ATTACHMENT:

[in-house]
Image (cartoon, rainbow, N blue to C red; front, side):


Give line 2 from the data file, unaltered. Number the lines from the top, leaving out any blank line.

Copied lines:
Image (cartoon, rainbow, N blue to C red; front, side):